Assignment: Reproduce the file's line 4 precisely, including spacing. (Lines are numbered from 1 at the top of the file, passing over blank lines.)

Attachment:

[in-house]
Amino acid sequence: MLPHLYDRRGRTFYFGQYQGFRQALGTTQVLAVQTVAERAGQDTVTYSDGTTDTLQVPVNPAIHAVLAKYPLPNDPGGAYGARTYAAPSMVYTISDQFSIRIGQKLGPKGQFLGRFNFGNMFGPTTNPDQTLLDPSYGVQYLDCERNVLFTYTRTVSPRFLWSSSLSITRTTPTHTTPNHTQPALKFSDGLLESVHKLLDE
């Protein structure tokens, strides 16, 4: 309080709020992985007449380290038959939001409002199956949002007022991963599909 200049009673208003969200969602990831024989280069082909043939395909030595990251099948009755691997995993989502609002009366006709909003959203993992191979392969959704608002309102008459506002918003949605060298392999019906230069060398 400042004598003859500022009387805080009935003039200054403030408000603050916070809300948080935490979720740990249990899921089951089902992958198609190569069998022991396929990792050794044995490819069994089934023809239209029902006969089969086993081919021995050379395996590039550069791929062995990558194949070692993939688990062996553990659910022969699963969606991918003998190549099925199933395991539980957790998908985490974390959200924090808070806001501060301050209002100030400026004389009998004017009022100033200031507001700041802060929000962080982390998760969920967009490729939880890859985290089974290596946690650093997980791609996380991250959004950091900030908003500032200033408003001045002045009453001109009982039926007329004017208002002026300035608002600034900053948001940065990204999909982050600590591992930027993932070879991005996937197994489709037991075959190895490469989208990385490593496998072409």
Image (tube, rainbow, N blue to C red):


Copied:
Image (tube, rainbow, N blue to C red):